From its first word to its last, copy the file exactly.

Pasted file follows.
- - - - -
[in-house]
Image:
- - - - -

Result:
[in-house]
Image: